Ontario Councilor Freddy Rodriguez speaks at the Black Lives Matter rally at Ontario City Hall on June 4. (Rachel Parsons/The Enterprise)
ONTARIO - Signature gathering is underway to force a special city vote to recall Ontario City Councilor Freddy Rodriguez.
The necessary documents were recently filed and accepted at the state Elections Division, and “the petitioner is currently collecting signatures,” said Ontario City Recorder Tori Barnett.
The chief petitioner, Ontario resident Vernon Denison, listed five reasons in his petition for seeking to recall of Rodriguez, who has served on the council since January 2019.
Denison cited Rodriguez’s “Extensive criminal past spanning multiple state[s], which was never revealed during the campaign prior to voting” and said he is “constantly late for city council meetings.”
He also said in one instance that Rodriguez “bullies, harasses, intimidates” other city councilors and in a second cited such conduct against “businesses, business owners and employees.”
Denison also pointed to the active restraining order a woman recently obtained against Rodriguez “because of a repeating pattern of abuse.”
Erin Maloney-Denison, the petitioner’s wife who is working with him on the recall effort, said they officially started gathering signatures Monday.
She said she met the same day with people in the community who were willing to help gather signatures – including Marty Justus, an Ontario city councilor, and Steven Meland, co-owner of Hotbox Farms in Ontario.
Maloney-Denison is employed by the Ontario businesswoman who had dated Rodriguez and subsequently obtained a restraining order barring him from having contact with her.
Denison is a retired truck driver who has lived in Ontario for 30 years.
He registered a statement of organization for petition committee with the Oregon Secretary of State.
Maloney-Denison said she has been a victim of domestic violence and previously sought the services of Project Dove in Ontario.
“I feel strongly about abusers and people who have a past of domestic violence,” said Maloney-Denison. “I think there should be some sort of a vetting process when it comes to running for city council.”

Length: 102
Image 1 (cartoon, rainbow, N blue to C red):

The petition requires 493 signatures – 15% of the number of city voters who voted in the last gubernatorial race – to force a recall election that could remove Rodriguez from office.
Maloney-Denison said she and her husband are aiming to collect around 600 signatures to ensure they have “more than enough” in case some signatures are disqualified.
Only signatures of active registered voters in Ontario can be counted for the petition, and an adequate number of signatures must be verified by Malheur County Clerk Gayle Trotter.
Once signatures are verified, Rodriguez can either resign or submit a statement for voters about the recall. A special city election would then be scheduled.
Steven Meland, co-owner of Hotbox Farms in Ontario, plans to help gather signatures, a skill he said he gained from his past efforts to get the Ontario cannabis measure on the ballot. He has declared his intention to support the recall effort in recent social media posts.
Collecting signatures “is just not gonna be very hard,” he said, because “Mr. Rodriguez seems to make it easier and easier every day.”
Meland’s role in the move to recall Rodriguez is not associated with his business, he said, but rather based on a personal motivation.
“His behavior isn’t representative of the community I live in, and I feel that he should hold himself at least to the standard of community, if not a higher standard,” said Meland.
“Some of these things may still be allegations, but the way he’s handled those allegations,” he said, “and the way he’s used bullying and intimidation to try to coerce people into giving up their plight for (the recall), I think, is unacceptable.”
News tip? Contact reporter Ardeshir Tabrizian by email at [email protected] or call 503-929-3053.
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